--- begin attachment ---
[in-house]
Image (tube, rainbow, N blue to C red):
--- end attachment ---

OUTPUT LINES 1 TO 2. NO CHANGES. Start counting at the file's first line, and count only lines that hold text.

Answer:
[in-house]
Image (tube, rainbow, N blue to C red):